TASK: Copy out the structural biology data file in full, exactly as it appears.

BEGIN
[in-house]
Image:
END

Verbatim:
[in-house]
Image: